It was the largest court crackdown in an 18-month campaign to unionize Starbucks: Last week, a federal judge in Michigan gave the order blocking Starbucks from firing any American worker for engaging in collective action such as trying to form a union.
Union supporters cheered. Starbucks appeared caught off guard, calling the order “extraordinary” and “unauthorized” and denying the company broke the law.
But a few days later, Judge Mark A. Goldsmith announced that he had made certain unspecified “errors” and withdrawn his earlier injunction. On Thursday, Judge Goldsmith issued a new injunction — only this time it was limited to a store in Michigan where one worker said she was fired for her involvement in union organizing. The domestic scope of the injunction has disappeared.
In a revised opinion that accompanied Thursday’s order, Judge Goldsmith said the key criterion for deciding whether to impose a statewide injunction was whether the company had a general policy of labor violations. He said that while the National Labor Relations Board had filed about 24 grievances involving roughly 50 workers laid off by Starbucks nationwide, many of those cases were in the early stages.
As a result, Judge Goldsmith concluded that the evidence supported an injunction only at the Ann Arbor, Michigan, store where an employment judge found in October that the worker had been illegally fired.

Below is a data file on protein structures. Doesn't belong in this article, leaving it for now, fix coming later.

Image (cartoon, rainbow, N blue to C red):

Legal experts said the original court order would have allowed the labor board to seek expedited reinstatement of workers who were laid off at any of the roughly 9,000 company-owned Starbucks stores in the country, and that it could have resulted in fines if the court found that Starbucks continued laid off workers due to union organizing. Now these measures will only apply to one store.
The Labor Office’s general counsel, which oversees the agency that went to federal court to rehire the worker, called the reversal disappointing, but said in a statement that “the judge’s revised order still provides critical protections to Starbucks’ Ann Arbor workers.” business.” The statement said the agency will continue to seek statewide remedies for labor violations “as appropriate.”
The Workers United union said it “will continue to fight for a national remedy that would address Starbucks’ unprecedented campaign against unions and hold the company accountable for its actions.”
A Starbucks spokesperson said: “We are pleased that the court denied the National Labor Relations Board’s overreaching and inappropriate request for a nationwide cease and desist order as we seek a full legal review of the merits of the case.
As to why the court originally issued the domestic injunction before vacating it, Judge Goldsmith’s opinion did not elaborate.
Legal experts said they could not recall seeing a judge make a similar face. “I don’t think I could think of anything like that,” Wilma Liebman, former chairwoman of the National Labor Relations Board, said in an email.
Ms. Liebman said the most likely explanation she could imagine was that the board had given the judge the order it sought and that the judge had incorporated the order without sufficient modification — “carelessly, but not intentionally,” Ms. Liebman said. .
A court clerk said the judge could not comment.